Kitchen gardens are slowly gaining popularity in arid and semi-arid parts of Taita Taveta county.
Due to the continuous failed rainy seasons, farmers have turned to growing vegetables and sweet potatoes in their kitchen gardens to boost food security and nutrition, and combat climate change.
Farmer Jones Mlegwa, a fervent advocate for kitchen gardens, is among the farmers producing vegetables and sweet potatoes despite the harsh climatic conditions.
“I have set up a small garden outside my house where I grow a variety of vegetables, sweet potatoes, and sorghum,” Mlegwa told the Star during a visit to his Ndii home on Friday.
His well-maintained garden serves as a demonstration farm for the Mbulia farmers’ field school.
FFS is an agricultural peer learning methodology for extending knowledge and technology where groups of 25-30 farmers meet for field learning sessions under the guidance of a trained facilitator.
Some farmers have joined farmer field schools to learn about resilience measures.
Previously, Mlegwa said he hardly harvested anything from his four-acre farm due to poor rainfall recorded in the region over the years.
Unpredictable weather patterns occasioned by climate change have contributed to a decrease in agricultural productivity, nutrition, and food security in the region.
But when FFS method was introduced in the area three years ago, Mlegwa was quick to embrace it.
More than 240 farmers in the county have completed FFS training and are serving as trainers for other farmers in the community.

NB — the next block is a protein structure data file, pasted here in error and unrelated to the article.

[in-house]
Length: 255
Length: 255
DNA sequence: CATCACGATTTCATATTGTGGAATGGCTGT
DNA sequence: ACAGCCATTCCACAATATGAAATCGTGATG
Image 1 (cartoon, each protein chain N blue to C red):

Farmer Sarah Mwemba, the chairperson of Magesho Mecha farmers’ group, said many small-scale farmers who embraced kitchen gardens have recorded increased production.
“We are being trained under the Agricultural Climate Resilient Enhancement Initiative project to increase productivity. More small-scale farmers are embracing the new farming methods,” she said.
According to the Food and Agriculture Organization of the United Nations (FAO), small-scale farmers produce at least 33 per cent of the world’s food, despite challenges including poverty, lack of training, and technology.
Paul Mutungi, the FAO lead farmer field schools’ trainer, describes it as a practical and hands-on approach that helps communities at the grassroots level with innovative ways of farming.
Mutungi said the project localises the global Sustainable Development Goal 2, which is about food security, nutrition and sustainable agriculture, and SDG 5 on gender equality.
“We are bringing more women to practice farming. Changing farming practices is a better way to fight hunger and mitigating effects of climate change,” Mutungi said.
The acquired knowledge, Mutungi said, is useful in boosting people’s livelihoods and income through enhanced food production.
Kenya Meteorological Department’s county director Robinson Asira advised farmers in the region to plant drought-resistant crops to boost food security amid poor rainfall.
“Drought-resistant crops can tolerate high temperatures and low rainfall because they require less water. They also take a short period of time to grow,” he said.
Drought-tolerant and high yielding varieties include pigeon peas, green grams, sorghum, millet, cassava and other legumes.
The officer urged farmers to work closely with agricultural extension officers to be advised on the right varieties to plant.
He said adverse changes in weather patterns and depressed rainfall might hurt farming if the right crops are not planted.
Of the 97,600 households in the county, about 57,000 families depend on agriculture directly for livelihoods.